"[A[n owner, who, relying in good faith on the absence of any regulation which would prohibit his proposed project, has made substantial construction on the property or has incurred substantial liabilities relating directly thereto, or both, acquires a vested right to complete his project in spite of the subsequent adoption of an ordinance prohibiting the same."
So the essence of this dispute is how to measure "substantial completion" or "substantial construction" (the court says they’re the same thing). The developer said that the improvements completed should only be measured against the public improvements required. Rochester maintained that improvments completed should be measured against the total cost of the project, including private improvements. Using the developer’s method, the trial court found that 70% of the improvements were complete; using Rochester’s, only 3%. The court sided with Rochester, and found that the project hadn’t vested.
On appeal, the supreme court rejected the superior court’s analysis:
"… we have never held that completion of a certain percentage of construction is the exclusive method by which the rights of a developer may vest.
The correct standard for ‘substantial construction’ vesting considers not only construction measured against the entire plan, but also whether the amount of completed construction is per se substantial in amount, value or worth. … In cases where construction expenditures amount to large sums, construction need not ’be judged by comparison to the ultimate cost‘ of the project".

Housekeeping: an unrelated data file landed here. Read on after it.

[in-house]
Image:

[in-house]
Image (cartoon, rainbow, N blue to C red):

So it seems that the standard of "substantial construction" is not a relative one, but an absolute one, though the court did state that judgment as to what is "substantial" would vary with circumstances. Yes, this is a tough nut to crack. In this particular case, the supreme court determined that the completed public improvements (sidewalks, sewer), combined with the 6 houses that had been built met the common law standard of "substantial construction" and so the projected is vested.
Conclusions: this case does clarify things a little, by helping planning boards understand how to guage "substantial completion" of projects. It’s not an exercise in advanced mathematics, but rather an assessment of whether or not a lot of money has been spent or liabilities incurred. Well, OK, it’s not clear to me, either. I guess it’s something of a duck test.
Moral: The importance of this case is not in the opinion itself, but in what it should encourage planning boards to do. Take a look at the final paragraph of RSA 674:39:
IV. As part of its approval of a plat or plan, the planning board may, with due regard to the scope and details of a particular project, specify the threshold level of work which shall constitute "active and substantial development or building" for purposes of fulfilling paragraph I of this section, or may, for good cause extend the 12-month period set forth in paragraph I.
Take this section seriously, folks. It wouldn’t have made a difference in this case, but can be a great help to you in others--and to the developers, who want predictability almost as much as they want an approval.
Benjamin D. Frost, Senior Planner
NH Office of State Planning